Releasing another indicator of international determination to curb the piracy scourge, Shapiro said that over 1,000 pirates are in custody in 20 countries around the world. The issue of handling captured pirates remains a problem because many countries are unwilling to accept and incarcerate pirates unless their own national interests have been directly threatened. For example, the U.S. has only accepted 30 captured pirates for trial. Seeking more help from Indian Ocean countries in this respect, he praised the Seychelles for taking pirates from a captured Iranian vessel that was freed by the U.S. Navy. (These pirates, however, have recently been transferred to Somaliland.)
The timing of Shapiro’s public appearance was seen by some observers as a way to lay down a marker on the Obama administration’s toughness in international security ahead of his reelection campaign. (A subsequently published piece in NY Times noted that Obama would, uncharacteristically for a Democrat, be using national security and foreign policy as a key campaign theme.)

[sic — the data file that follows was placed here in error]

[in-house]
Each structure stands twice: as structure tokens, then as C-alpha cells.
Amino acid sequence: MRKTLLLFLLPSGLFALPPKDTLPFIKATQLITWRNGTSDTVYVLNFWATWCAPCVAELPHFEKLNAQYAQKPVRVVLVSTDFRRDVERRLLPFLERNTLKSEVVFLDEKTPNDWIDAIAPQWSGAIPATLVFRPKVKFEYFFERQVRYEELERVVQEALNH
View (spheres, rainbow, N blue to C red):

In the longer run, both Europe and the United States are realizing that combating pirates only at sea is insufficient to wipe them out, who increasingly operate as an organized transnational criminal enterprise – sometimes from headquarters as far away as Kenya. Pirates captured at sea are often low- level operatives who can be easily replaced by new recruits to work under the orders of managers working from safe havens deep inland. But international cooperation, spearheaded by direct U.S.-EU coordination, seems be gaining traction on the issue, with slightly different but mutually reinforcing approaches and strong leadership from the U.S. and the EU.
William Marmon is Managing Editor, European Affairs